NarcowormsFrom exotic lands, a species of worm that feeds on plant matter and excretes a mildly toxic waste through its skin. The toxin is also an hallucinogenic narcotic. Over time emerged the practice of guiding a worm up one's nostril to expedite the toxin's delivery to the blood-brain barrier. Nothing short of pure ecstacy as you fall down on the floor and writhe for a while.
Worm farms have developed in the seedy underworld. Fat druglords keep spaghetti-like piles of them in jars with fragrant mulch, so that snuffing a worm will not be such a turnoff. Plush couches and pillows are provided so your body can writhe in the height of comfort
- Worm farms are a new threat to established pleasure merchants (opium dens, bordellos, etc.). PCs get to deal with consequences of the changing economy.
- A new side effect is taking hold thanks to a worm mutation. Some hardcore wormheads are getting turned into illithids.
Thieves Guild (Variant)So every decent city has a Thieves guild. it's like having a Buffalo Wild Wings. For an interesting take on one, have the Guild be (tied to) a religious order. You see, being a thief is not about gaining something material, it's about depriving someone else of something they value. And some people value their material possessions more than they value their relationship with Insert-Deity-Here. The wealth that the Guild accumulates is redistributed to the congregation and faithful.
This approach can also add an extra dimension to NPCs within the guild beyond the usual thieving stuff. How closely do they follow the principle of giving back to the faithful? Are they more likely to target worshipers of a rival god? What about holy days; is it forbidden to steal on those days? Or maybe the deity forbids the use of poisons/blades/etc.
There exists a fungus creature that emits spores thrice per day, or whenever subjected to a slashing wound. there is a 20% chance that those in the immediate vicinity of the spores will contract fungolepsy.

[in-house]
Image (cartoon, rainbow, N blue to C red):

The spores spread to various areas inside the body and do not interfere with normal body functions. However, they feed on melatonin in the bloodstream. For every day that a character has contracted fungolepsy, they lose an additional 1d6 minutes of sleep as the fungus spreads. They may not notice until a few days or even weeks have gone by. If your game does not have rules for sleep loss, roll a number of d6's equal to the number of hours of lost sleep. For each 5 or 6 rolled, you get a -1 penalty to all rolls, and you lose 1 hp from the total that you would have healed due to rest.
Once the daily sleep loss has accumulated to more than 4 hours (240 minutes), the character will begin to hallucinate periodically. Once there is total (8 hours) sleep loss, the character will die in CON/2 days. To be cured of fungolepsy, a character needs to find a specific fungicide which is safe to drink.
Due to the varying nature of campaign worlds, the GM shall decide the effects of a character trying to use magical sleep in order to counteract the effects of fungolepsy.